What happened the day that riots overtook Niger and terror devastated a small Christian community?
Early in 2015, a French satirical magazine (Charlie Hebdo) published a controversial cartoon, which triggered an attack on their office in Paris, France, where 11 people were killed. As two million gathered in Paris in a peaceful show of national unity, the event set off a ripple effect across the Muslim world, including in Niger where rioters lashed out at the closest thing they associated with the West – the church. Rioters killed three Christians, burned and looted 76 churches and Christian institutions and 50 Christian homes. Open Doors field workers met with and supported many who were effected.
Here are some of the pastors stories…
Living mostly in peace with their Muslim neighbours, Christians in Niger were unprepared when Islamic outrage in the former French colony turned violent in January 2015.
Pastor Yunusa’s story: “When I heard about the persecution that had started, two of my children had already left for school, I took a taxi and went looking for them, but when I got to the school they had already fled. My wife, two other children, and I also fled. As we fled, we noticed a large group of people following us so we changed direction and ended up hiding in a hut. We hid in the hut and God protected us there.” Later, when Yunusa returned home, he found his home was totally destroyed.
Pastor Cappo’s story: Not only was Pastor Cappo’s home burned to the ground, but his church also. He explained the effect on his congregation. “Our members have
been so traumatised… They are so scared of coming to church… Their assumption is that these people could return to attack them. The number of people attending service has been reduced by half.”
Yet the Lord has also used the crisis to strengthen others, as Cappo said, “It is exciting to see some members making a stronger commitment to follow Jesus… some have boldly declared that it is now that their Christianity has begun.”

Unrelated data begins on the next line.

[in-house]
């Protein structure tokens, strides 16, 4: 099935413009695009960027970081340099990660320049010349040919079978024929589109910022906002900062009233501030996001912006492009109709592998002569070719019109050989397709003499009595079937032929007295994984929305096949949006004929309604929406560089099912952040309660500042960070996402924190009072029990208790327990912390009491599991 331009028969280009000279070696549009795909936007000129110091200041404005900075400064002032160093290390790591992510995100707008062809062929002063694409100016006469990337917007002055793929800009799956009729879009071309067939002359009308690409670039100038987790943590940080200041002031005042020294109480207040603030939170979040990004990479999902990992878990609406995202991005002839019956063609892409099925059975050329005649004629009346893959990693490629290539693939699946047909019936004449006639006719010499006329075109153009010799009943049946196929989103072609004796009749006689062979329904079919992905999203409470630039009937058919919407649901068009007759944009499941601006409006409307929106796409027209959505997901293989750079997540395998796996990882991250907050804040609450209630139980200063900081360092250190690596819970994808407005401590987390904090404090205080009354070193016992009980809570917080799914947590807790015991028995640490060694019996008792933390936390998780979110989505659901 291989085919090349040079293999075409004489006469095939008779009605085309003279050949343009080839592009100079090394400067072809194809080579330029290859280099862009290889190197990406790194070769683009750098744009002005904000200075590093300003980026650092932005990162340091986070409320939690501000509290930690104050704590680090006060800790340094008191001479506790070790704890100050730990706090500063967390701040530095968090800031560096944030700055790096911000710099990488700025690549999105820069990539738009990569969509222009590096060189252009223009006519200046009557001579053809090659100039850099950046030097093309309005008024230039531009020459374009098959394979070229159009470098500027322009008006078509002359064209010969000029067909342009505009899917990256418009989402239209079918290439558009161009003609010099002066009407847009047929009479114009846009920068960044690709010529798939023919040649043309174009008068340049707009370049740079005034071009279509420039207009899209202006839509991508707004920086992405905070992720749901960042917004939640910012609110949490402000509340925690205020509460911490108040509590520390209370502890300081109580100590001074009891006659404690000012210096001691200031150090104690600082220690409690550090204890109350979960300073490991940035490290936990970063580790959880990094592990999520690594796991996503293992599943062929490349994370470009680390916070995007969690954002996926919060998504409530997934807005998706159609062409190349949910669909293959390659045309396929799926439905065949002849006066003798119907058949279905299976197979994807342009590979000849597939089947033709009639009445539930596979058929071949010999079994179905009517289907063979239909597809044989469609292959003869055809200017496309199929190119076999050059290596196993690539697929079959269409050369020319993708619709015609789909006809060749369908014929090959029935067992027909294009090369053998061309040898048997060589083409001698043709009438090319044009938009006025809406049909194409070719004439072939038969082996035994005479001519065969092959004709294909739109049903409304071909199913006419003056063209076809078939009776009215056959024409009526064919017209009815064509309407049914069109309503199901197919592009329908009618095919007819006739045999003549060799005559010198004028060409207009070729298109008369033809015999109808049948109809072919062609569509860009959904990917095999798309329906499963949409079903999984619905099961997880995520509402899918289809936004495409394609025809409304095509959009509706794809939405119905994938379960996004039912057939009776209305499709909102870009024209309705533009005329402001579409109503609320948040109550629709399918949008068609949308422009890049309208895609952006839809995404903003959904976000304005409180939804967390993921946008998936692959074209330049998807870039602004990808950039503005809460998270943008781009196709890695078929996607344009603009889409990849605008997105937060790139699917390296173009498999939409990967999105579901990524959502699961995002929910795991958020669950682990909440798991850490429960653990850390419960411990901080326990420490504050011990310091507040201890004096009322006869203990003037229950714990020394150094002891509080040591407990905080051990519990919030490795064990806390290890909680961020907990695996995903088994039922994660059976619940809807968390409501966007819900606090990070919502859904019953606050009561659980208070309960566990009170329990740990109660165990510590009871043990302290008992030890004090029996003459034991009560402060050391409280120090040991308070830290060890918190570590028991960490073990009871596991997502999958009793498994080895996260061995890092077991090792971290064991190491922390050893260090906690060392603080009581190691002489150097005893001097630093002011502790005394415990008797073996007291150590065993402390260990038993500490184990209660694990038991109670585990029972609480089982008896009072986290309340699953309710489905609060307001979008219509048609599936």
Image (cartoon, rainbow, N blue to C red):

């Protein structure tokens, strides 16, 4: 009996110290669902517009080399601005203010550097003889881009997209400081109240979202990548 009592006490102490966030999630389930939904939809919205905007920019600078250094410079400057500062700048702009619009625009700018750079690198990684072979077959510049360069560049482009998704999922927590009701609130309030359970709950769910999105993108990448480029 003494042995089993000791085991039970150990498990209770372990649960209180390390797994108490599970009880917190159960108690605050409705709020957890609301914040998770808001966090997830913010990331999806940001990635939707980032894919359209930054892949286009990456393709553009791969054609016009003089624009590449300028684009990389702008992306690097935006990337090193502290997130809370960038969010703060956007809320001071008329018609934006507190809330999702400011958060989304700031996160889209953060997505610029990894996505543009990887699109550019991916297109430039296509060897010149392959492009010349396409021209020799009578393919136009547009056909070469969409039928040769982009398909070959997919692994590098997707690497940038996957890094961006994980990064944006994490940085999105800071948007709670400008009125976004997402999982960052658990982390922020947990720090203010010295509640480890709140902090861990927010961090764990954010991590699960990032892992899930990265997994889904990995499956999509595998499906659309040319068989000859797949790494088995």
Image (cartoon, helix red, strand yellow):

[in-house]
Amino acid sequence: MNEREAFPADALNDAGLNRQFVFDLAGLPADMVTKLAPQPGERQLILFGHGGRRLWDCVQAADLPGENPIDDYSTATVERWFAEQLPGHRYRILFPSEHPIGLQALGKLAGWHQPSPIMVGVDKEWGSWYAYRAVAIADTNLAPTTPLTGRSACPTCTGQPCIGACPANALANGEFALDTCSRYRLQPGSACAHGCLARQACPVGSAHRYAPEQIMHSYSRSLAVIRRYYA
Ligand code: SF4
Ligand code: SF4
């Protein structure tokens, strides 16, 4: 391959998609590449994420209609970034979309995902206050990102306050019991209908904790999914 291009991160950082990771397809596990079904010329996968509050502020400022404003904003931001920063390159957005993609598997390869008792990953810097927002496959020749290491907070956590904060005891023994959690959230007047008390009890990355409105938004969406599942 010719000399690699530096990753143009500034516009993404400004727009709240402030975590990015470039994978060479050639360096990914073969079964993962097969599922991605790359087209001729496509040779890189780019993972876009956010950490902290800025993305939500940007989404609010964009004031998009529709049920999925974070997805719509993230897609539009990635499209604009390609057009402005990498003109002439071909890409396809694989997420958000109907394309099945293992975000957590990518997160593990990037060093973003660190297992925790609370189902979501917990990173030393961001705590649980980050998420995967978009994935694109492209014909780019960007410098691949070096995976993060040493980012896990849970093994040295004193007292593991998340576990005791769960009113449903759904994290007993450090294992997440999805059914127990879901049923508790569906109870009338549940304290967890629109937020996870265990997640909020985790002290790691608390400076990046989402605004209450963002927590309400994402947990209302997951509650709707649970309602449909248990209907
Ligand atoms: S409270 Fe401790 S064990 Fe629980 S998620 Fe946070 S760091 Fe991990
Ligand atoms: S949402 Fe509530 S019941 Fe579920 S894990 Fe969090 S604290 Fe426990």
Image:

Many Muslims in Niger did not agree with the attacks on Christians and are ashamed at what their brothers have done. Some tried to douse the flames started by other Muslims. Some took fleeing Christians into their midst.
“My neighbor who used to behave harshly towards us became very sober and sympathetic. He came and pleaded with me not to be annoyed with him, since those who committed these acts were not [true] Muslims… A few days later he came to my house again with his wife to accept Jesus Christ as their Lord and Savior. Who would have expected that out of this bad situation our people would be so bold to come out to receive the good life,” exclaimed Cappo.
Pastor Isa’s story: The crisis has allowed Christians to rise to the challenges before them and to respond with the love of Christ.
“I can say we lost everything, but God sent help through Open Doors. This is not only helpful to us but also helpful to even the unbelievers around who will come to seek assistance and food from us. Jesus said we should love our enemies.”
Open Doors is helping
When the riots broke out, Open Doors partners were there to respond to the immediate needs. Emergency relief for 32 pastors and Christian families in the form of food, rent, clothing and funds to rebuild destroyed churches, Bible institutions and homes. Vocational training and micro loans for Christian business people who lost their shops, and trauma healing seminars for rape victims along with other traumatised believers.
Amidst the hardships, Pastor Midu Zakou is encouraged by the assistance. “I want to say that this support came to us at the right moment and it enables us to be reinforced and renewed morally and spiritually. It also helps us to continue with the work that we have begun because we understand that we are not alone, our brothers and sisters throughout the world are with us.”
Long term, Open Doors is investing in the discipleship and growth of church leadership, training in cross cultural ministry to better understand Islam and give a biblical perspective on the growth of radicalisation, along with preparing people for persecution. New issues are emerging inside the country, the Islamic extremist group Boko Haram, now spilling into their country from Nigeria. As new needs arise, we want to be prayerful and ready to help.
We are thankful for your prayers and support to rebuild and empower the church in Niger to proclaim God’s love and victory among their persecutors.
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